While I agree with those who say it is difficult I do not believe that it is impossible to acquire a good “almost” native accent and speech pattern. So do not give up hope.
    Your profile shows that you know several languages. That is a good start. I think it is easier if you know several languages. Total immersion with not one but many natives you already know is best. Here we are talking about alternatives, since not everyone can jump on an aeroplane and fly to the target country. If you investigate other threads, you will see that using audio cd for conversation or music with lyrics and DVDs with subtitles will imitate the optimum circumstances. You will have to work harder but you can do it.
    Listen and read together then separately try to mimic what you hear seek out people who can help you. Keep in mind it is more valuable to study 15 or 20 minutes a day rather than 1-2 once a week. If you only use school time to learn a language you will be no better than the millions of students who study a language and yet do not speak it.
    So keep your chin up and try to simulate the total emersion approach. This includes using pictures and speaking without translation into your native tongue. Buena suerte!

  9. #9
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    Re: Pronunciation problem....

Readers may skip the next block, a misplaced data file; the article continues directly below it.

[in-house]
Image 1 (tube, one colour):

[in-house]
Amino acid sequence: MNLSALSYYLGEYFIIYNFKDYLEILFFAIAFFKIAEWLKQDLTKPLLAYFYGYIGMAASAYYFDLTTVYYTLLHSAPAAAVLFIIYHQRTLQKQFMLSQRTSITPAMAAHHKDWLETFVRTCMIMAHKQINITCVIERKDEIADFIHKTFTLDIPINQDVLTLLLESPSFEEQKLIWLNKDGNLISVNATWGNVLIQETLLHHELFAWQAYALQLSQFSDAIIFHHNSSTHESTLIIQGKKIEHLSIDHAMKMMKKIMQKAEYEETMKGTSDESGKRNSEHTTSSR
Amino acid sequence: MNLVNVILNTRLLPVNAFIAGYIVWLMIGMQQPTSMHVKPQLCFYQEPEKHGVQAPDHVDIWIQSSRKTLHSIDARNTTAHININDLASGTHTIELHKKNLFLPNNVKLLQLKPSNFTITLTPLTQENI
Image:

I think my pronunciation of English is quite good, even though most of my teachers were not native speakers. I did, however:

    - have some teachers who spoke excellent English in the final years I studied the language, one of which was a native speaker;

    - have the opportunity to interact with native speakers early in my adolescence;

    - watch a lot of television in English, listen to a lot of music in English, read a lot in English.

    Make of that what you will.

    In my opinion, getting a good accent in a foreign language is not as difficult as most posters in this thread seem to think. I mean, I know people who moved from one region of my country to another, and after a number of years they had lost their original accent completely, and acquired the one of the new region. If we can lose accents in our own language, surely gaining a foreign accent can't be all that different from that...